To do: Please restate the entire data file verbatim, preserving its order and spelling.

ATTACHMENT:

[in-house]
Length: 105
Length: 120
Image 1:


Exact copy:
[in-house]
Length: 105
Length: 120
Image 1: